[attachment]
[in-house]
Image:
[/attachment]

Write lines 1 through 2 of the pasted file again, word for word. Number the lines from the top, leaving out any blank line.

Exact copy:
[in-house]
Image: